Freelance animator Saratta Cheungsatiansup, 29, is going through a rough patch, like many of us are right now, as Thailand rips itself apart at the seams. But unlike many of us, he has turned his volatile emotions into fuel to create snappy, surreal artwork that serves as a visual diary of our current health, political, and economic crises. His Uninspired by Current Events page is making a serious splash on the country’s online landscape. We talked to him about his art, his “un”inspiration, and why, despite what you may think, it isn’t all about politics.

Tell us about your page. Why did you start it?

Before I started this page, I only published my artwork in my personal account on Facebook. After doing this for about a week, one of my friends suggested that I should start a page to expand my audience. I came up with this name because I wanted to play on the double meaning of the page. First is the literal meaning to show how uninspiring the current events are. Second is to serve as a disclaimer that my page has nothing to do with the current events. We never address any issues specifically, and people can interpret the artwork however they deem fit. 

You said that you briefly deactivated your account after feeling overwhelmed by Thailand’s political news. By making art based on this news, doesn’t that make it worse?

The results are rather opposite. Far from making me feel more depressed, doing this is more like therapy to me. I used to feel overwhelmed by the news, and I couldn’t find a way to handle all my pent-up emotions. Turning them into art not only gives meaning to the work—it also helps me let go of those negative feelings. It’s a process of healing. 

Tell us about the creative process behind your surreal artwork.

Mostly the news comes to me. Every time I wake up, I just check the topics that people on Facebook are angry about, and you’ll see that there’s no end to this news at all. I never intended to make my page all about politics, though. It can be anything. I just want to find unique ways to narrate current events.
For example, if you want to depict bribery, you might come up with an image of people handing things beneath a table. So I’ve tried to come up with different images, like the Trojan horse, to represent a sense of smuggling or trickery.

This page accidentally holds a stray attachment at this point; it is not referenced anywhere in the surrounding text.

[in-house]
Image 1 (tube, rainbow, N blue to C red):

Does the message ever fail to get across to your audience?

Of course, some of the messages I intended to relay to the audience might not be clear. This happens when I’m too ambitious and try to include a bunch of ideas in one picture. When you have more than one key message in your artwork, the audience will find it hard to grasp its meaning. 

In your opinion, what was the most “uninspiring” event Thailand has endured over the past year? 

It’s hard to tell. With this authoritarian regime, anything can be uninspiring. I would say it’s the system that is the most uninspiring.

Do you think you can make an impact through your work?

I don’t make my illustrations with expectations on creating an impact. If my work can at least contribute to the meaningful conversation for everyone, I would like to be a part of that.

With most of your work requiring a lot of interpretation, is it safe to say this is your way to protect yourself from lawsuits?

I think it’s just an extra benefit. The reasons I created this Facebook page aren’t solely political. If that was the case, then I would include parliament figures in my art.
I really want to make my work look stunning. Even if it highlights the political issue of the day, the topic represented in the picture should be relevant no matter how much time has passed. It should represent something bigger than just the event itself. People who don’t follow Thai politics should be able to get the message. I want my pictures to be aesthetically pleasing more than just scolding criticism.

Compared to other political pages in Thailand, yours seems to be off the radar of pro-establishment types. Why is that?

I’ve only got one comment [from a pro-regime figure] since I opened the page. This might be because I don’t make explicit statements in my work. People might get the secret messages when they share my work. They might develop completely different interpretations of my artwork than what I have for it. But those who live in different worlds might not understand what I’m trying to express. It’s like an encryption that can only be unlocked by those who follow the same things.